You should consider a long-term evaluation strategy, too. Evaluation plays a crucial role throughout the InclusionBoston process, with data collected throughout the different stages of the 13-month engagement. By surveying participants before, after, and then quarterly following the series, we evaluate changes in participants’ attitudes and behaviors over time, as well as measure the successes and barriers of implementing their action plans. Long-term evaluation will help you set benchmarks, report on your goals, and iterate to make the necessary adjustments along the way.

So, should my organization host a workshop?

If you are trying to decide whether your organization should participate in a workshop or not, ask yourself and your team what you are trying to solve. If you want to ensure that your staff knows about key diversity, equity, and inclusion terminology and concepts, then a workshop can help you get there. A workshop can also help you demonstrate to your team, department, leadership, or overall organization that there is an appetite to do this deeper work. But if you are looking to create an effective, actionable DEI plan, you won’t find it with one or even a series of workshops. Don’t use workshops as a way to signal commitment when your company hasn’t planned any further action steps or hasn’t determined whether it is willing to invest in deeper work.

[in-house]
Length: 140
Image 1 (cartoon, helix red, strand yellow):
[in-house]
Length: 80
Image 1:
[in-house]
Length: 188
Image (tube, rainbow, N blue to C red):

Instead, invest time and resources. Ensure you set aside the weeks, months, and even years it takes to understand your organization’s needs, build trust, and create and implement an action plan. Workshops may fill a need within this long-term plan, especially if you’ve found an area where staff needs more knowledge. While it may be tempting, and while you may feel pressure from your staff, to try to fix every DEI issue quickly, it simply isn’t possible. Make it clear to employees that your organization’s time investment is action-oriented and ongoing. As Sharon impressed, action planning is a continuous process.

If you aren’t sure where to begin or how to structure your long-term commitment, we invite you to learn more about InclusionBoston and consider how the program may help you reach your goals.


About InclusionBoston 

InclusionBoston advances diversity, equity, and inclusion by partnering with organizations looking for improved results. Using our advanced assessment tool and the latest research on behavioral and organizational change, we partner with organizations to create an action plan and provide them with the resources needed to drive lasting change. Our customized, evidence-based approach builds internal capacity and promotes cultural change while supporting organizations throughout their journey. YW Boston also offers one-day workshops where participants explore frameworks, develop knowledge, and engage in dialogue. 

Ready to unlock the power of diversity in the workplace? Click here to learn more about InclusionBoston and request your free consultation.